Chris Jones

2013-2014’s Impact Junior College Transfers

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NWF Athletics

All month long, CBT will be rolling out our 2013-2014 season preview. Check back throughout the day, as we’ll be posting three or four preview items every day.

To browse through the preview posts we’ve already published, click here. To see the rest of our preview lists,click here. For a schedule of our previews for the month, click here.

Chris Jones, Louisville: Russ Smith will be starting once again in the Louisville backcourt. But who will be beside him, replacing Peyton Siva? The top junior college player in the nation from a season ago, Chris Jones is joining the program. Jones, originally a Bruce Pearl commit at Tennessee, had to take a different route, spending two years at Northwest Florida State while amassing a 62-6 record over two seasons and bringing his team to the national title game in both seasons. The 5-foot-10 Jones averaged 21.8 points and 5.1 rebounds, 4.2 assists and 3.0 steals per game and was named NABC Junior College Player of the Year.

Deshawn Delaney, New Mexico: Tony Snell averaged 12.5 points per game for the Lobos. But in May, before Snell got drafted by the Chicago Bulls, Craig Neal landed a commitment from Vincennes University (Ind.) wing Deshawn Delaney. The 6-foot-5 Delaney was a two-time All-American, averaging 15.8 points and 8.1 rebounds per game. With Cullen Neal recovering from an appendectomy, he should start early on for a team that returns Kendall Williams and Alex Kirk.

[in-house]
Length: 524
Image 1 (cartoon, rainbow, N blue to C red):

Kenny Chery, Baylor: Baylor’s frontline looks awesome, with Isaiah Austin, Cory Jefferson and Rico Gathers all back in the fold. The backcourt, on the other hand, will be the big question. Pierre Jackson and A.J. Walton graduate. Deuce Bello and L.J. Rose transferred. That leaves a hole for Kenny Chery, a product of State Fair Community College (Mo.), to fill this season as he looks to follow in the footsteps of Jackson, who went from being a JuCo transfer to a first-team all-Big 12 performer.

Jameel McKayMarquette: Buzz Williams has had a history of successful two-year players in the past. The latest could be Indian Hills (Iowa) forward Jameel McKay. He averaged 16.2 points and 8.9 rebounds per game this past season. He’ll be a presence in a solid frontline for Marquette. It’ll be interesting to see how he’ll develop, especially with Davante Gardner and Chris Otule graduating following this season.

Darius Carter, Wichita State: Cleanthony Early made the jump from JuCo to the Missouri Valley last season, Carl Hall the season before. Darius Carter will look to replicate that success this season. The new Wichita State forward averaged averaged 15.8 points, 8.3 rebounds and 1.9 blocks per game at Vincennes. The Shockers need to replace Carl Hall, who averaged 12.5 points and 6.8 boards during the Shocker’s run to the Final Four last season.

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DeVille Smith and Jelan Kendrick, UNLV: Jelan Kendrick is a junior that’s headed to his fourth school this season. He’s been to Memphis, Ole Miss, Indian Hills and is now a Runnin’ Rebel. Dave Rice lost quite a bit from last season, including guards Anthony Marshall and Katin Reinhardt. Kendrick is a risk, but he’s a former McDonald’s All-American point guard, too, and Rice needs a lead guard.